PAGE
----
Lawyers specializing in birth injuries are well-suited to recognize where a case can be made that a doctor used bad judgment, and show how his or her behaviour departed from the industry standard. While doctors are often well-represented, and there may be disagreement between experts as to the propriety of a doctor’s conduct, a settlement may be reached in appropriate cases, short of taking the matter through a lengthy, expensive trial.

In cases of serious disagreement regarding liability or the appropriate amount of compensation, a trial may be necessary. Even if a trial is scheduled, a settlement may be reached at any point in the time period ahead.

Settlements in Infant Brain Trauma Malpractice Lawsuits

It should be noted that where a child is the plaintiff in a lawsuit, and his or her wellbeing is therefore at stake, there are laws in place to ensure that a settlement is fair and just. The child and his or her family’s lawyer must submit information about the facts of the case and the proposed settlement to the court for approval. A judge will read the written submissions and hear the lawyers’ submissions to ensure that the settlement is fair and non-prejudicial to the child, and that the amount allocated to the parents, if any, is also fair and just. Below are a couple examples of court-approved settlements in infant brain injury cases:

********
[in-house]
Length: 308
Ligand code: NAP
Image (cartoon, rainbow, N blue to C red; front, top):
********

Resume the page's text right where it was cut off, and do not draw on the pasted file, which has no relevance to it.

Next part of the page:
An example of a court-approved settlement in an infant brain injury case is that of  Saulnier v. Tynski, 2009 NSSC 262 (CanLII). In this case the plaintiff, represented by Raymond F. Wagner, claimed cerebral palsy was caused by malpractice at birth. The medical experts disagreed as to whether the doctor’s conduct amounted to a professional error. However, a settlement was reached that at least to some extent accounted not only for the child’s suffering, but also for practical expenses incurred by the parents in the course of raising a child with cerebral palsy. The court approved the settlement that the plaintiff and defence agreed to.

In Wade v. Burrell, 2011 NSSC 60 (CanLII), the court approved of a settlement exceeding $1.4 million in a case of malpractice causing cerebral palsy at birth. In that case, the lawyer’s fees were at issue, and were reduced by the court in accordance with the principles of fairness. The court recognizes that while lawyers must be fairly compensated for their diligent work in prosecuting a case, larger settlements may require a second look at a lawyer’s contingency fee arrangement.

The public can rest assured knowing that in these sensitive cases involving infants and children, the court has the ability to ensure that both the settlement and the lawyer’s fees are reasonable and that the infant or child is fairly compensated in the circumstances.

Contact Wagners for a Birth Injury Lawyer in Halifax, Nova Scotia

At Wagners, medical malpractice claims are taken very seriously. If your child has infant brain damage or hypoxic brain injury, we can arrange for a highly experienced birth injury lawyer in Halifax or a brain injury lawyer in Halifax to assist you. Call us to arrange your free consultation at 1-800-465-8794.